There are estimated to be 27,000 abandoned oil and gas wells in the Gulf.  Henderson adds that gas, although seen as less harmful than oil, could still potentially dissolve in the water and prove toxic to marine life.  Caroline Lewis, FSRN, New Orleans.

Wisconsin capitol protesters back after arrests

An even larger crowd of demonstrators turned up at the Wisconsin State Capitol today after police on Wednesday arrested nearly two dozen residents for singing protest songs against Governor Scott Walker.  Dozens sang and held signs in the lobby, and many were arrested.  This comes amidst an ongoing battle between the Walker administration and his critics over access to the state building.  FSRN’s Molly Stentz has the story from Madison.

Members of a group called the Solidarity Sing Along have been protesting the Republican governor’s policies for more than two years.  They gather in the State Capitol and sing protest songs each weekday at noon.  But on Wednesday, Capitol police cracked down on the singers, and said they were assembling without a permit.  Many of those arrested were elderly women, including Joan Kemble of Madison.  Kemble is eighty years old and is a regular participant in the sing along.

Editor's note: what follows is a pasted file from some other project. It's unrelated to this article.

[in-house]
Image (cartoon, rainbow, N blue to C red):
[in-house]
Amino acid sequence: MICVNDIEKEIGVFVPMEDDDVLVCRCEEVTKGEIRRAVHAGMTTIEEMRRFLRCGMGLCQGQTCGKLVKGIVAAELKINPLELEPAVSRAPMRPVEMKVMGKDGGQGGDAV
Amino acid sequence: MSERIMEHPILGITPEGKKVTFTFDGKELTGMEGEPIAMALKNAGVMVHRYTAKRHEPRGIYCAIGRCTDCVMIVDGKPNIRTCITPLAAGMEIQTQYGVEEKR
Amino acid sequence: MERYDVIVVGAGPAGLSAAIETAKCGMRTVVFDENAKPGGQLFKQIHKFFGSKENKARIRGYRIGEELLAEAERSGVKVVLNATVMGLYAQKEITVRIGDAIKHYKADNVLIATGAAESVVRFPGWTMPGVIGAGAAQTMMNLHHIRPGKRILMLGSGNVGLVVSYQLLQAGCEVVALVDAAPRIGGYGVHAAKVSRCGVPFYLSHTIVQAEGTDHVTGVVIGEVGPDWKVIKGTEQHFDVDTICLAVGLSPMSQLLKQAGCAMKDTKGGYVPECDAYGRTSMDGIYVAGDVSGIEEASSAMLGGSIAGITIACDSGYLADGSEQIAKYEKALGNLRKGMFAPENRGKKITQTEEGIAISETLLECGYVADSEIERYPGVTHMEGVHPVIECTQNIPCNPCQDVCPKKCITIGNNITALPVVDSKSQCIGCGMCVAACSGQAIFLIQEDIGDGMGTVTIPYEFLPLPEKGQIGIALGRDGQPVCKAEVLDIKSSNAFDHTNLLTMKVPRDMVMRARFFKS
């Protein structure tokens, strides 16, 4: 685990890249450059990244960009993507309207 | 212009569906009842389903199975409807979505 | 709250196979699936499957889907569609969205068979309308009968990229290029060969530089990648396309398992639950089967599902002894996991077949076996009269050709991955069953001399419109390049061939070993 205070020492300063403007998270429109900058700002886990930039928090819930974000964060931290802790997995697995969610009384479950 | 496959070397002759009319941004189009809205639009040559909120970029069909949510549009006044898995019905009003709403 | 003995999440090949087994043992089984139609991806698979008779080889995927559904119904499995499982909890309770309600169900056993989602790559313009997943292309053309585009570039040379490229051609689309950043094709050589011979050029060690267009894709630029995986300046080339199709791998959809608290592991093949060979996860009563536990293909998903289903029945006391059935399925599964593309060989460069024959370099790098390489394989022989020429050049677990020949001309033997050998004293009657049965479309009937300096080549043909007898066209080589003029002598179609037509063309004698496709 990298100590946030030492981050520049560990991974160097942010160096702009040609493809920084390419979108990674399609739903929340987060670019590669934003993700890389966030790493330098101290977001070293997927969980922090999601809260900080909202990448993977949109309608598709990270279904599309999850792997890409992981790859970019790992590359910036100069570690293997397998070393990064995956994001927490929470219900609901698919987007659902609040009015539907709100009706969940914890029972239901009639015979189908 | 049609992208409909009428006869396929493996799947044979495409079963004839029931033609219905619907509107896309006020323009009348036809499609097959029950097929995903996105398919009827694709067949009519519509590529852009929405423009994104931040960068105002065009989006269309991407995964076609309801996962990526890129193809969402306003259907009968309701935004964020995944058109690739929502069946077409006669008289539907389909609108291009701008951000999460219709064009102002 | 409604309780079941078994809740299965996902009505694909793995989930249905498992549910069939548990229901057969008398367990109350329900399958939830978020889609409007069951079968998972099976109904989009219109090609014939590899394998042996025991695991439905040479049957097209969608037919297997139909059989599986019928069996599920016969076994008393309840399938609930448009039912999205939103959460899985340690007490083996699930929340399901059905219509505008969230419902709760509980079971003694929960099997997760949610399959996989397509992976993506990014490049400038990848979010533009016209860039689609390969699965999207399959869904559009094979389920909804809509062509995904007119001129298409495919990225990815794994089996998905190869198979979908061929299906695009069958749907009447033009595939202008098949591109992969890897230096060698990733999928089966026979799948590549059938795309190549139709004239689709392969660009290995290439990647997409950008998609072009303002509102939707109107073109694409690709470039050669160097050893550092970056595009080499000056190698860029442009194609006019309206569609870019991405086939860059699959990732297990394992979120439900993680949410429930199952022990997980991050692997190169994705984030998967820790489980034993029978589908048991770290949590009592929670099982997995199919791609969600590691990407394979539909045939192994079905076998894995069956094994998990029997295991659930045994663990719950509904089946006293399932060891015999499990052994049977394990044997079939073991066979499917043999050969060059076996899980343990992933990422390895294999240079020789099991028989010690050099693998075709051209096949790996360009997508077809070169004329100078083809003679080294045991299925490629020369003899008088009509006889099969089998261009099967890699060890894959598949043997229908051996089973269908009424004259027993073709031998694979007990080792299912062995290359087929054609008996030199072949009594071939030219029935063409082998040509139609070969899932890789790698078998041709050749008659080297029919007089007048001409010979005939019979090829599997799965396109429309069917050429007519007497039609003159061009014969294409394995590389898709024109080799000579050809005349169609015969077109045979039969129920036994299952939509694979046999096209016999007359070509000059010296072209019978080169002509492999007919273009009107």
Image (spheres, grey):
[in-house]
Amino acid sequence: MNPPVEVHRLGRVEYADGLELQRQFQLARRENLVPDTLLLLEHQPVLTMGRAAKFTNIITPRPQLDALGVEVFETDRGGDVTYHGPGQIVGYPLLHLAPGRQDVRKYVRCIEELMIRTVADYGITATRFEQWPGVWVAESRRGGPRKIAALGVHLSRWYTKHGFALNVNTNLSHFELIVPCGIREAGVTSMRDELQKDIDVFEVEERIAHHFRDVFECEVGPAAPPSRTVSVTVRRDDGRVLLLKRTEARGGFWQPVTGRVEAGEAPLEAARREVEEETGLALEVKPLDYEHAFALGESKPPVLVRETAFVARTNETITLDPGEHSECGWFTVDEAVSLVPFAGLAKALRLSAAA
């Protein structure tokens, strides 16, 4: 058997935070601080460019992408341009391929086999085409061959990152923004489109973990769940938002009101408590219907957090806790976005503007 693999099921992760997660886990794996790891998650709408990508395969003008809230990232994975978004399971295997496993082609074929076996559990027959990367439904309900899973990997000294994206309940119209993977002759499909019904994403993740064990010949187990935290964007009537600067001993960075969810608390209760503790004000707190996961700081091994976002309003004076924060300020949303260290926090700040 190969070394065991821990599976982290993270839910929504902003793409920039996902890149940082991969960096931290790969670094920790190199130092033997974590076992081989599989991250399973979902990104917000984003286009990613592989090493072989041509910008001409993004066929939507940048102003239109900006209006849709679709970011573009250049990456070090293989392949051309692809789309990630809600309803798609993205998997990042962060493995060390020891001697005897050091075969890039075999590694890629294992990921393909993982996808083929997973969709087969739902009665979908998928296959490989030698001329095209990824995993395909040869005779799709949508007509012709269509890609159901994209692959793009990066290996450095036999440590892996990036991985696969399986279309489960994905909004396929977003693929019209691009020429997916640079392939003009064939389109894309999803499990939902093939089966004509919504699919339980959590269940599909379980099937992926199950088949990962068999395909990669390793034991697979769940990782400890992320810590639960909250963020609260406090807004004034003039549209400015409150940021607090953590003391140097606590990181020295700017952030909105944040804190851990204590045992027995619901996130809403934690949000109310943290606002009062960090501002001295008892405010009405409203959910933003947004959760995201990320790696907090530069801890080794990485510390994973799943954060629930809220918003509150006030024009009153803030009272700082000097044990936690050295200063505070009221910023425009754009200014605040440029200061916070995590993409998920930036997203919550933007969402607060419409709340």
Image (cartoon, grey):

“The first arrests were pointed people, people who were leaders and people who spoke out very strongly and they considered real nuisances. I could tell. You could see the people they arrested first. And the rest of us kept singing.”

Earlier this month, in response to a lawsuit, a federal judge struck down the Walker Administration’s rules barring more than four people from assembling in the State Capitol without a permit.  But the judge said the Administration can require a permit for groups of more than 20.  Molly Stentz, FSRN, Madison.

Hundreds continue push to keep NY hospital open

Hundreds of New Yorkers marched across the Brooklyn Bridge Wednesday afternoon in the latest protest against the closing of a State University of New York hospital.  Several union members, community activists and local politicians were arrested after sitting down to block traffic.  Protesters say the hospital is violating a court order by slowly dismantling services at Long Island College Hospital, or LICH, leaving the local community without accessible medical facilities.  Next Monday, the state Supreme Court is scheduled to hear a legal challenge to the hospital’s efforts to scale back services and shut down.  Hospital administration issued notices to about 650 workers yesterday morning, placing them on administrative leave.

Rights group wants investigation into police violence during Bulgarian protests